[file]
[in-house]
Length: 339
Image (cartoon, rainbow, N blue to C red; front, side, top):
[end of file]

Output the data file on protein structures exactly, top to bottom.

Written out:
[in-house]
Length: 339
Image (cartoon, rainbow, N blue to C red; front, side, top):